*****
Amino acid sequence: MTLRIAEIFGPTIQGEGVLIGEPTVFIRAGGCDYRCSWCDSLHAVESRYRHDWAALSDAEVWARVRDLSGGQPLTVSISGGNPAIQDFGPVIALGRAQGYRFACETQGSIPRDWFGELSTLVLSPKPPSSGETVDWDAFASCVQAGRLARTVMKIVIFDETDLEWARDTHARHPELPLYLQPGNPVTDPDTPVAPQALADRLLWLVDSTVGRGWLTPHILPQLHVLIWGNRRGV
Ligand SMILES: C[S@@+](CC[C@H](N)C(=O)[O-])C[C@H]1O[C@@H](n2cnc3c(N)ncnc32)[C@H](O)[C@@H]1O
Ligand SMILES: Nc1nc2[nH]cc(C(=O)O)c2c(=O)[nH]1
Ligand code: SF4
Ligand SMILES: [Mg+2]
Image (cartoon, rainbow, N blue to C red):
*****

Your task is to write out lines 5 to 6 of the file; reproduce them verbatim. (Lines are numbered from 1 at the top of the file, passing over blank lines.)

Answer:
Ligand SMILES: [Mg+2]
Image (cartoon, rainbow, N blue to C red):